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b i o g r a p h y consider this to be a problem because he took our social character for granted. In short, Norman recruits Burke as a supporter of today’s revisionists who think we ought to value wellbeing more than GDP. No doubt Burke would concur, but he would be unlikely to pose the question in such terms. Norman is better on Burke in his own time than on Burke as our contemporary. We learn that ‘the basic task of politics is simply to preserve social capital and moral community’. Hard to disagree, but not a great improvement on Burke’s own words.

The problem in advancing Burkean politics as a model for the present lies in having some sense of how the abstractions of the 18th century refer to the problems of today. There is one major difference between then and now that makes this almost impossible: Burke’s milieu was essentially Christian and ours is not. Whatever view one may take of Christianity as a religion, its politics was one in which fallible creatures were understood to make decisions within the ‘narrative’ of Creation. As with any belief system, Christianity had its darker aspects, but its understanding of the world was compatible only with modest ambitions for public power. This moderation was lost in the Enlightenment.

Burke realised this. The Jacobins, and then Napoleon, had liberated themselves from the inhibitions of a notionally created world, and were free to invent public policy according to abstract ideas and whatever might seem desirable. The age of ideology had arrived. The horrors of the civil war in France discouraged revolution in Europe for a century, but Napoleon’s political adventures in the pursuit of glory through the domination of Europe cost France alone an estimated two million lives and left that great Enlightenment civilisation fatally weakened, in contrast to rising German power. History has shown that, among masterful rulers, Napoleon was far from the worst, and the mark of his intelligence remains with us – faintly echoed in the EU, for example. Burkean wisdom is important and we need it badly, but it cannot compensate for the embedded moderation of Christianity that has been lost. We live in a liberated world and only perhaps a Burkean sensibility can help us realise where that is leading us. To order this book for £16, see the Literary Review Bookshop on page 19

r i c h a r d o v e r y

Capital Fellow Karl Marx: A Nineteenth-Century Life

By Jonathan Sperber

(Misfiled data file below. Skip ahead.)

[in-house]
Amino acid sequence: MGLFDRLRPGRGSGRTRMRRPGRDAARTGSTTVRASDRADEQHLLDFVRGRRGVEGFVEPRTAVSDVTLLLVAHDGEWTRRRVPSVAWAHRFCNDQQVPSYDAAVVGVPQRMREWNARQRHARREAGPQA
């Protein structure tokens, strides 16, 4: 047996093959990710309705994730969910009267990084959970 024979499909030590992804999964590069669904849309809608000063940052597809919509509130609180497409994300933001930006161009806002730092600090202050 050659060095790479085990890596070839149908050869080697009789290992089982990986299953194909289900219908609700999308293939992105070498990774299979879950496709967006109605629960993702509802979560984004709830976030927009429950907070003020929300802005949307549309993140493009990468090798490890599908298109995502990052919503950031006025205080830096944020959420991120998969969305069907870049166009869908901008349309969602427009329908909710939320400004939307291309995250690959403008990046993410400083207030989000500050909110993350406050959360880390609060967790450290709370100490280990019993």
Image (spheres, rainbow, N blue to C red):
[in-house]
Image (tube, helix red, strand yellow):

(Liveright 648pp £25)

Karl Marx: An Intellectual Biography

By Rolf Hosfeld (Translated by Bernard Heise)

(Berghahn Books 190pp £18)

It is a commonplace to see the German philosopher and economist Karl Marx as a towering figure in the 20th century. Banners with his benign, elderly, bearded face – rather like Renaissance pictures of God – fluttered all across communist Europe and Asia for decades. Something called Marxism flourished in one insurgency after another across the developing world. To those who loathed what they thought Marx represented, he was less of a god, more of a Mephistopheles.

What both these excellent new biographies aim to do is to make Marx a figure of the 19th century. He was not a towering figure then. He became one later only because his thought was boiled down by sections of the European Left into simple mantras about the necessity for revolution and the debilitating contradictions of capitalism. The Marx of the future was reduced, as Jonathan Sperber puts it, to an icon. The vast and disorganised body of Marx’s thought simply does not lend itself to crude reduction. The issues he addressed, the language he used, and the political figures he crossed swords with were rooted in the mid-19th century. His revolutionary model was the Jacobin stage of the French Revolution; his philosophical guru (despite his later criticism) was Georg Hegel, idealist champion of the modern state, whose profound insights into the nature of historical change shaped a great deal of Marx’s own thinking.

This is an important corrective to much of the literature on Marx, which is often impatient, like the utopian socialists before 1914 were, to see his vision realised rather than to understand Marx in his context. Perhaps the most important argument of both these books

Marx: armchair revolutionary is the need to locate Marx’s communism firmly in the years before 1848, when the term was first widely used among what Sperber calls, rather oddly, ‘leftist’ circles. Communism grew out of the radicalism of the French Revolution and its aftermath, from Gracchus Babeuf in the 1790s to the self-styled communists of the 1840s. Marx tried to reconcile their utopian ambitions with the deeper historical realities presented by the modern age. This was, as Rolf Hosfeld makes clear in his brief but

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